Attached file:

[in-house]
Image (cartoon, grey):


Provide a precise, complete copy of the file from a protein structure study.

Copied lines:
[in-house]
Image (cartoon, grey):